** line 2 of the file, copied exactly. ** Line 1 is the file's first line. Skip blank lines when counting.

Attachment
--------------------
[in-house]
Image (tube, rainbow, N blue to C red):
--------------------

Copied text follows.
Image (tube, rainbow, N blue to C red):